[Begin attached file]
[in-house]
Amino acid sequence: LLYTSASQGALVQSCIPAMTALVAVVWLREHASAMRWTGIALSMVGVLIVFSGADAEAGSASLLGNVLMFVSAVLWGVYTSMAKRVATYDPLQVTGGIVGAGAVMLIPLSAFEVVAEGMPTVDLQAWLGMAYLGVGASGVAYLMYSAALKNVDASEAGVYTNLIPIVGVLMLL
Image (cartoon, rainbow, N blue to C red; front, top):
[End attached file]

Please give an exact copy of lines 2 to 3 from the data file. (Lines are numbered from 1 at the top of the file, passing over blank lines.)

Amino acid sequence: LLYTSASQGALVQSCIPAMTALVAVVWLREHASAMRWTGIALSMVGVLIVFSGADAEAGSASLLGNVLMFVSAVLWGVYTSMAKRVATYDPLQVTGGIVGAGAVMLIPLSAFEVVAEGMPTVDLQAWLGMAYLGVGASGVAYLMYSAALKNVDASEAGVYTNLIPIVGVLMLL
Image (cartoon, rainbow, N blue to C red; front, top):